“This novel is a retelling of “The Problem of Thor Bridge.” The tale is expanded and has a slightly different slant than the original. J. Neil Gibson, The Gold King is accompanied to 221B by Samuel Clemens, AKA “Mark Twain.” In fact, Twain has recommended Holmes to his friend, and when the man bolts from Baker Street it is Clemens that brings him back…
This makes for a really strong story! That the ending changes don’t affect Holmes’ triumph at all and makes perfect sense with the evidence given! I doubt that even a Holmes purist could find much fault with the story. I am not saying that because Mark Twain is my favorite author—he is, by the way—but because this is truly an amazing story!
I give this book five stars!“
The Historical Novel Society
Doctor Watson is anxious to set the matter straight regarding the true facts of the solving of the recent murder of Maria Gibson on Thor Bridge. Neil Gibson, aka the “Gold King,” Maria’s husband, had had his eye on his children’s governess, Grace Dunbar, for quite a while. What seems quite simple is far from it. Gibson hires Sherlock Holmes to solve the murder and free Grace from the Assizes, where she is awaiting trial after being charged with killing Mrs. Gibson.
The reality of the situation actually involves several intertwining stories dealing with Holmes’s crime-solving skills as well as several writers: Samuel Clemens, Bret Harte, and Sir Arthur Conan Doyle. For this story, Samuel Clemens takes an active role as a detective, so much so that his skills, and his later account of the investigation, cast a shadow on Sherlock Holmes. In Clemens’ own “A Double-Barreled Detective Story,” a young pregnant woman is tied to a stake and brutally beaten in a gold camp near Jackass Hill. She dies, but the child she gave birth to is raised by a bunch of men who are panning for gold. A somewhat overcomplicated, dragged-out plot ensues, and the murderer’s obsession with “Rache” or “revenge” is eventually clarified.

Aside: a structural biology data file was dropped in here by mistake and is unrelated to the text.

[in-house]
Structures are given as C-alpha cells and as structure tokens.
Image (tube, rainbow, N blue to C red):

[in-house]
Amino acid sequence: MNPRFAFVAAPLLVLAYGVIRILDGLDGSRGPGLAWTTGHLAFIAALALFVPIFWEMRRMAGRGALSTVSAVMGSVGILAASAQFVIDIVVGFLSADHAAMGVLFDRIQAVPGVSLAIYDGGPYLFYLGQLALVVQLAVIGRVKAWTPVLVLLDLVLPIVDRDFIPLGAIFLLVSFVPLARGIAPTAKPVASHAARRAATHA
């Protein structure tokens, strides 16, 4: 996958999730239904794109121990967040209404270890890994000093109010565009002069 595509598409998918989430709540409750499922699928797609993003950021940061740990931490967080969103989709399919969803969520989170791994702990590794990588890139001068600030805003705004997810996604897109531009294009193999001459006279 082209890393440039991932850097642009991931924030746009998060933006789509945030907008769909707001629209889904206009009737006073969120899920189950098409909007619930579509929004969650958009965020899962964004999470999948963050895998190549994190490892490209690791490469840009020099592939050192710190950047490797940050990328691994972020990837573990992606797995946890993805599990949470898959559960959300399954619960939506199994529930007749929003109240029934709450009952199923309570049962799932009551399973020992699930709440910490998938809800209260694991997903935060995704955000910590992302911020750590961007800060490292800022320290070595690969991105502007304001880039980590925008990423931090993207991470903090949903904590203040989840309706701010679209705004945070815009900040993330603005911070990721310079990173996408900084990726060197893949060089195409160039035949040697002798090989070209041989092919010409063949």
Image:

The resolution of the rivalry between these mystery writers is an unusual addition to the set of mysteries about Sherlock Holmes. This reads like a standalone “whodunit,” but it would make even more sense if one had read the background mysteries as told by Doctor Watson. An intriguing historical mystery!
Seventeen Minutes to Baker Street is the third book in the American Literati Series from Daniel D Victor.
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Sherlock Holmes had never met a writer who had ridiculed him as bitterly as Samuel L. Clemens had. For that matter, Holmes had never met a writer who fancied himself a detective. Yet Sam Clemens not only unraveled Holmes’ investigation into the murder of the hot-blooded woman on Thor Bridge, but also, while writing as Mark Twain, belittled Holmes’ highly-touted detecting skills. In this recently discovered narrative, Doctor Watson sets the record straight. He reveals other crimes related to the original murder while relating what prompted Clemens in a 1902 short story to deride the famous detective. Spurred on by such criticism, as well as by clues discovered in a classic tale by Bret Harte, Sherlock Holmes begins a new investigation, one that leads Holmes and Watson from the gardens of Windsor Castle to the spires of Oxford University in their efforts to track down a deranged assassin bent on wreaking even more havoc.